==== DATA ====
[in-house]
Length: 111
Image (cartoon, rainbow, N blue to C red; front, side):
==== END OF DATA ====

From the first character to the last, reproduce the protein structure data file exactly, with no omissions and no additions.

[in-house]
Length: 111
Image (cartoon, rainbow, N blue to C red; front, side):